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Home Appreciation Remains Steady, But Vegas Lags Behind

Save money for home costDover, Delaware, must have been doing something right in November 2017—it led the nation that month when it came to growth in home prices. With an estimated population of 37,786 according to 2016 Census numbers, the capital of The First State saw local home prices increase 2.11 percent month-over-month last November, well above the national average of 0.27 percent. It was also significantly higher than the metro with the next-highest month-over-month appreciation—San Jose, California, at 1.52 percent. On the other end of the spectrum, Canton, Ohio, saw the largest drop of any U.S. metro, falling 2.24 percent month over month.

All of that is according to the latest Home Price Index Report, released today by the Data and Analytics division of Black Knight, Inc. The report spotlights the state of home prices as they were in November 2017, which continued a 67-month consecutive streak of annual home price appreciation. U.S. home prices gained 6.44 percent year-over-year, as of November.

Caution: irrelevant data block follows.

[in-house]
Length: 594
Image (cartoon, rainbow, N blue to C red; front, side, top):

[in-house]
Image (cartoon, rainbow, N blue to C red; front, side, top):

On a state level, New York was top of the heap for month-over-month gains, with home prices increasing 1.36 percent between October and November. November marked the fifth month in a row that New York led in state-level monthly appreciation.

Las Vegas continued to see gains in home prices, but home prices there still sit well below their 2006 peak. As of November, Vegas has gained nearly 13 percent year-over year—up an astonishing 93 percent over its low point—but still lags 25 percent behind that 2006 high point.

Of the nation’s 40 largest metros, 12 hit new highs:

  • Boston, MA ($468,000)
  • Charlotte, NC ($230,000)
  • Dallas, TX ($264,000)
  • Denver, CO ($396,000)
  • Kansas City, MO ($198,000)
  • Los Angeles, CA ($665,000)
  • Nashville, TN ($269,000)
  • New York, NY ($476,000)
  • San Diego, CA ($586,000)
  • San Francisco, CA ($861,000)
  • San Jose, CA ($1,073,000)
  • Seattle, WA ($476,000)

It isn’t good news across the board, however. While 11 of the nation’s 20 largest states hit new peaks, home prices fell in six of them. Wisconsin saw the largest drop, decreasing 0.37 percent, followed by Ohio (-0.31 percent), North Dakota (-0.26 percent), and Connecticut (-0.22 percent).

You can read the full Black Knight report by clicking here.

About Author: David Wharton

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